Dr John Mandrola practices cardiac electrophysiology in Louisville, KY. He finished training at Indiana University in 1996. His practice encompasses catheter ablation, including an eight-year experience with AF ablation, device implantation, and consultative EP. Outside of the EP lab, Dr Mandrola's two hobbies include competitive cycling and writing. He has maintained a medical, fitness, and cycling blog, Dr John M, for the past two years.
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European Society of Cardiology updates AF treatment Guidelines--Six major focus pointsAug 26, 2012 09:25 EDT
The treatment of atrial fibrillation is a fast-moving field. It's a good thing, because the prevalence of the disease continues to increase. In Europe, estimates are that AF burdens almost 2% of the general population. In the past two years, enough data have come available to warrant an update to the 2010 European treatment guidelines.
Here are summaries of six important focus points of this 2012 European update:
Use CHA2DS2-VASc rather than CHADS2 to predict stroke:
In contrast to the North American guidelines, which give preference to the simpler CHADS2 score, Euro guidelines continue to emphasize the CHA2DS2-VASc score (congestive heart failure/left ventricular dysfunction, hypertension, age ≥75 [doubled], diabetes, stroke [doubled]–-vascular disease, age 65–74, and sex category) as the best means to predict stroke. CHA2DS2-VASc has two major benefits: It more accurately identifies true low-risk patients, which decreases the risk of over-treating. As important, it reclassifies many CHADS2-zero patients to a higher risk, which reduces the chances of undertreating. Guideline writer Dr Gregory Lip reminded us that stroke risk in a patient with CHADS2 score of zero ranges from as low as 0.8% to more than 5%. Speaking in a pro-con debate on post-AF ablation anticoagulation, he was clear about his feelings: "The CHADS2 score is useless. You might as well toss a coin."
Use less aspirin:
Despite robust evidence to the contrary, there exists a widely held view—in the real world of clinical practice—that aspirin is safer than anticoagulants. European guideline writers seek to change this thinking.
"The evidence in support of aspirin use is weak." The 2012 update focuses strongly on the superiority of oral anticoagulants, especially the new oral anticoagulants dabigatran, rivaroxaban, and when available, apixaban. Aspirin is recommended only in patients who refuse anticoagulation. The concern with aspirin is not only inefficacy, but also bleeding risk. This recent analysis in JAMA highlights the underestimated hazard of aspirin use in low-risk patients.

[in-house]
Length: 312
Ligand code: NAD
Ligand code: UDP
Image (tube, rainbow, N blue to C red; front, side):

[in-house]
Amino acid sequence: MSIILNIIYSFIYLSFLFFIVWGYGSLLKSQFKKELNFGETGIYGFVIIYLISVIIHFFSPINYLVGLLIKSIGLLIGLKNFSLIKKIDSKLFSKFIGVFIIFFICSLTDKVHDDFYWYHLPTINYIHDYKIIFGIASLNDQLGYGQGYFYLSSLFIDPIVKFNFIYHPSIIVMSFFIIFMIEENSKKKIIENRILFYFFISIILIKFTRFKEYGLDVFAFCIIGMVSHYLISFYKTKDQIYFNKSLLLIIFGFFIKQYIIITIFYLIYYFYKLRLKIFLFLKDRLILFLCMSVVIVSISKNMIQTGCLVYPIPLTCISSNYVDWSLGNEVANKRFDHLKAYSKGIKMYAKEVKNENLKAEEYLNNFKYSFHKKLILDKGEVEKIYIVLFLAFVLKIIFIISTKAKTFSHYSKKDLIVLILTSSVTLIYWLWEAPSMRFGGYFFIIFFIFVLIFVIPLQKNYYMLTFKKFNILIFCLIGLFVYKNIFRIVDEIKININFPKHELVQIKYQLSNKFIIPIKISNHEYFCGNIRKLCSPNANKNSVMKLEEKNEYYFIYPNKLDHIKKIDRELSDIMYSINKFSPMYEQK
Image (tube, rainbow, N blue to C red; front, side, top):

New anticoagulants are superior to warfarin:
"When oral anticoagulation is recommended, the newer anticoagulants are favored." On the matter of which of the new agents to use: "Insufficient evidence exists to favor one over the other."
It remains to be seen whether such strong endorsements will speed the surprisingly slow acceptance of new anticoagulants in real-world clinical practice. In the US, barriers to widespread usage of these drugs include their costs, fears over a lack of easily available antidotes, and enhanced coverage of adverse events, many of which have occurred with inappropriate use of these drugs. Think learning curve.
Vernakalant gets a nod of approval:
Vernakalant is a novel intravenous drug used to chemically cardiovert recent-onset atrial fibrillation. It works by selectively blocking ion channels in the atrium. It's available in Europe but not yet approved in the US. The evidence suggests vernakalant converts AF (of less than seven days' duration or less than three days after cardiac surgery) in more than 50% of cases, usually within eight to 14 minutes. The safety profile is satisfactory, with the most concerning side effects being transient hypotension and nonsustained VT. Notably, no episodes of torsades de pointes have been reported. It's not indicated in patients with low blood pressure, advanced heart failure (Class 3 or 4), long QT, or severe aortic stenosis. In this 254-patient trial randomized trial, vernakalant was superior to IV amiodarone for cardioversion of AF.
It's possible that vernakalant could become an easier-to-use ibutilide.
Catheter ablation keeps its strong recommendation:
Enthusiastic endorsements continue for left atrium ablation in patients with paroxysmal AF or those without structural heart disease, provided experienced operators perform the procedure. Departing from North American guidelines, AF ablation is recommended as first-line therapy in selected patients.
Dronedarone gets a demotion:
Recent safety concerns have moved European experts to recommend a much smaller role for dronedarone. Based on the highly negative PALLAS trial, the 2012 update recommends against using dronedarone in patients with permanent AF. Reversing previous notions, the most recent update says of dronedarone: "Its use should be relegated to a therapy of last resort for patients even with mild heart failure."
In general, the 2012 update to the European guidelines for the treatment of AF emphasizes earlier intervention, better risk stratification for stroke, and more aggressive support for newer stroke prevention therapies, primarily the newer anticoagulants.
Here is a link to the full document.
PS. I went to a lively debate on left atrial occlusion devices. I hope to post on this controversial topic in the future.